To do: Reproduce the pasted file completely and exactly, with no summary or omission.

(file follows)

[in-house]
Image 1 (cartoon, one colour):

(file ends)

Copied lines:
[in-house]
Image 1 (cartoon, one colour):